The acceleration of initiatives to address society’s challenges, such as climate change and natural resource shortages, will result in a shift in social frameworks. The advancement of the quality of life-enhancing entertainment and the evolution of medical care will bring a shift in how we view life and our lifestyles.
We anticipate the shift and diversification in values from owning to sharing.
As a result of these megashifts, we believe that people will focus more on the pursuit of self-expression and value, and that co-creation by humans and machines will play a more important role than ever before.”
At this stage there is sufficient evidence to believe that there could be a growing shift to additive manufacturing by manufacturers, based on the results seen in several industries, as Nikon believes. As the pricing of AM equipment and materials continues to drop, more industries will surely follow. In other words, the AM pie will grow, and Nikon wants a piece of it.
This type of move is not unprecedented. Other non-3D print companies have acquired or developed technology to quickly get them into the AM game, like Xerox acquiring Vader Systems, GE acquiring Concept Laser & ARCAM, or Ricoh producing SLS equipment. All these big players see up and coming operations in the 3D print space and want to ride along.
In fact, at one point GE almost acquired SLM Solutions!
But why Nikon and why SLM Solutions? Aside from the stated goal of building a digital manufacturing business, there are some interesting technological overlays.
SLM Solutions’ LPBF technology makes heavy use of lasers — and optical system — in their equipment. The largest device they produce, the NXG XII 600 uses an astounding twelve powerful lasers to build metal parts at great speed through parallel operation.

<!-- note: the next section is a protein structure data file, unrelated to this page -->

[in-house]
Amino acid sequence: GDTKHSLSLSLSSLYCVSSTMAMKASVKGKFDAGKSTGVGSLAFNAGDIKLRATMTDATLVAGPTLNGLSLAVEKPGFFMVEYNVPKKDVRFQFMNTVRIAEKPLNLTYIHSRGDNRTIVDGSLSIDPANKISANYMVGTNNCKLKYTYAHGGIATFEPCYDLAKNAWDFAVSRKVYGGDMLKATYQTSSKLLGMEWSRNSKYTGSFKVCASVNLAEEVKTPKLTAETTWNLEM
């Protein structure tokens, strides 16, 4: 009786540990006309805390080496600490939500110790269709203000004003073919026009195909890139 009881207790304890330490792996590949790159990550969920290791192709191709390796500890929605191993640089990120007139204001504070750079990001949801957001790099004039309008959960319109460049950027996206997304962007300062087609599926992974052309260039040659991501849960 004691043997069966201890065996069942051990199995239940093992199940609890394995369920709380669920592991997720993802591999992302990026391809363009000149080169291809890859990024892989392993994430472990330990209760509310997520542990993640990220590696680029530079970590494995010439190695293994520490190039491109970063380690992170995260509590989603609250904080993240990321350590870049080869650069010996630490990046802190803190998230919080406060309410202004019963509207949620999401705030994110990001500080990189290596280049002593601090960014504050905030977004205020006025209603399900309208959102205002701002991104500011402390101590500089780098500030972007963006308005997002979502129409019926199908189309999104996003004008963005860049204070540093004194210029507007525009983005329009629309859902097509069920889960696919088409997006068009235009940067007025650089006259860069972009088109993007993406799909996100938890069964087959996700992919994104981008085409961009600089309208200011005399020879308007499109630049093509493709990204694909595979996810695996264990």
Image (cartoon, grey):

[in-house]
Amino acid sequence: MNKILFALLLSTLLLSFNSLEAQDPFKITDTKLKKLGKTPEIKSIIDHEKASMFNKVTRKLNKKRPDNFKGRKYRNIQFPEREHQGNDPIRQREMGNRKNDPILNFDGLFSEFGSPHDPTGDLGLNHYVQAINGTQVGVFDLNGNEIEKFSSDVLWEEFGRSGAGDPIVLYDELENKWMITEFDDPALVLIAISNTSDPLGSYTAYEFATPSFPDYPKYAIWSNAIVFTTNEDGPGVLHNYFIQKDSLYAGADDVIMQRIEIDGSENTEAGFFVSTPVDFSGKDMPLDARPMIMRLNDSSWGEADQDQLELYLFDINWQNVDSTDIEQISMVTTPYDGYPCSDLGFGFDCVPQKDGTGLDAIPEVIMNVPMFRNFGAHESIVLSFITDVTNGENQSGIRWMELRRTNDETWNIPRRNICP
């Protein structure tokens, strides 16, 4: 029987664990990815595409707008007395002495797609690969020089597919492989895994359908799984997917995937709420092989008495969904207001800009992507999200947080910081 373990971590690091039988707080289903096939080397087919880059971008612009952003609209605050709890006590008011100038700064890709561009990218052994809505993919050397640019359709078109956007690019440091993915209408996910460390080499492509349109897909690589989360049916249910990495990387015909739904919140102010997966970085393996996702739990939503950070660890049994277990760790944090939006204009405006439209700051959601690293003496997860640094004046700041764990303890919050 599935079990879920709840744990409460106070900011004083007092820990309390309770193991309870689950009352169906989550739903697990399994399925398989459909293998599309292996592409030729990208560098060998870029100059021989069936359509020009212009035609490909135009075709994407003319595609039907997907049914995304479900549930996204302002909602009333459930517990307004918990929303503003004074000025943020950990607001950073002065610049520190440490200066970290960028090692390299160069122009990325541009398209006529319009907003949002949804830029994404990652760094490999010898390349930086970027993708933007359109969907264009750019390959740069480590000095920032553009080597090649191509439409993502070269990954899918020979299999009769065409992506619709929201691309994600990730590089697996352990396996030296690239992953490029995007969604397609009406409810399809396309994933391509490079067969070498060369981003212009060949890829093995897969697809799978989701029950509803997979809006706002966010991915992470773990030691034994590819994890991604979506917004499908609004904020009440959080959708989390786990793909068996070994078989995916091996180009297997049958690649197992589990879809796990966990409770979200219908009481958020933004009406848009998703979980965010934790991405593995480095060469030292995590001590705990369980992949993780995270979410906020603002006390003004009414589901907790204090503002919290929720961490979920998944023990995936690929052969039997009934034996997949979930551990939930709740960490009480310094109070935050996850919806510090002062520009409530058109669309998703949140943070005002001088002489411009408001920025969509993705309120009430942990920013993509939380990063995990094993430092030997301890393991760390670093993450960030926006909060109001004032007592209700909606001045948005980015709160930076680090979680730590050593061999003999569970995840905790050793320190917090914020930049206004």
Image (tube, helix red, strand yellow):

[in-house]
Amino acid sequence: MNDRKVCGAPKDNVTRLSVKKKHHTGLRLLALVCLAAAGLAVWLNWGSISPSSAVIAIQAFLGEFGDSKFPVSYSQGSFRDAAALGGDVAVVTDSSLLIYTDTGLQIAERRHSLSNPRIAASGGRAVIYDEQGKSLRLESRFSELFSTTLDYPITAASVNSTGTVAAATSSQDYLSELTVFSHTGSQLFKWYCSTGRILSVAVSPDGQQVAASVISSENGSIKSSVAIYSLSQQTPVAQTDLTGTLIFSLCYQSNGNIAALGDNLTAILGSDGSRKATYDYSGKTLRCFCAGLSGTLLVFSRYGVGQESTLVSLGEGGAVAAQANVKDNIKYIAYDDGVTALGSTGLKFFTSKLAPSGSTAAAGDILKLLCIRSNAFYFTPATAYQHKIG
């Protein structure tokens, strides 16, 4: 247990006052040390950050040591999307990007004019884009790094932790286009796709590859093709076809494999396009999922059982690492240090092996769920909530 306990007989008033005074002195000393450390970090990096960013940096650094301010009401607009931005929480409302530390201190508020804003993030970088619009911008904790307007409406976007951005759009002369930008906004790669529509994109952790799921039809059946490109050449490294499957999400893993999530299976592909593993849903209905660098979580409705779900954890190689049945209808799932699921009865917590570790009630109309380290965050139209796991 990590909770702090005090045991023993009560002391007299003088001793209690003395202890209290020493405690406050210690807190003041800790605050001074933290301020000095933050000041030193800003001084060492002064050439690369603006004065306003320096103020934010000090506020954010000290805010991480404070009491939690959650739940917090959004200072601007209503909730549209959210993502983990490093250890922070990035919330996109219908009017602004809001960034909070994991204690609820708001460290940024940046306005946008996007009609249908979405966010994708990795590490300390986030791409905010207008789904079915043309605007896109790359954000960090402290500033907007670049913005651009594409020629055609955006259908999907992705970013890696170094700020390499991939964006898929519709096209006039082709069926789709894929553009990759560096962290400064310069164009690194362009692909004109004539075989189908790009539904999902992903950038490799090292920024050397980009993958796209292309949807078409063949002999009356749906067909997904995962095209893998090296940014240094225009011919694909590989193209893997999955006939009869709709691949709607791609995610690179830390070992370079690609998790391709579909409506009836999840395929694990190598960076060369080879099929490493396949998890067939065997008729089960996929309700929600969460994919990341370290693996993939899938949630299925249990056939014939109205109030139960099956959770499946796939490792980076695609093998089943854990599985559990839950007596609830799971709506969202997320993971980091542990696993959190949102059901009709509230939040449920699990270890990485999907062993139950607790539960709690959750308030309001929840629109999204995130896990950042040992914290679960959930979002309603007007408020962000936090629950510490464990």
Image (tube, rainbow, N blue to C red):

One wonders what optical magic Nikon may bring to the SLM Solutions party? Some ideas:
- Increasing the effective power and efficiency of the lasers
- Increasing the print quality and reliability through more precise optics
- Organizing precision “hand offs” between laser zones in the build volume
- Increasing the build volume through advanced optics that could allow laser energy to travel farther with accuracy
And so on. There are a dozen or more possible technology areas where Nikon could bring benefits to SLM Solutions.
For SLM Solutions shareholders, this is an amazing deal: it almost doubles their current investments without having to do anything. There is no reason why they shouldn’t sell.
That is, unless they believe Nikon will be able to build SLM Solutions’ business much, much larger than it is today. If that happens, then their shares could be worth a lot more, more than this acquisition deal proposes.
SLM Solutions will benefit with not only the infusion of complimentary technologies, but also simply from Nikon’s cash reserves. This could dramatically increase R&D done by the company, or increase the marketing and sales.
Nikon also brings their sales and distribution networks to the table, where SLM Solutions products will no doubt appear for sale to an entirely new group of potential customers.
That alone will boost SLM Solutions’ sales, and it may be that Nikon knows that boost could raise the company’s value by — 75%?
SLM Solutions is just the latest of several metal 3D print manufacturers that has been acquired by larger parties. Some have been successful, some not so much. Let’s come back in a year or two and see what happened.
Via SLM Solutions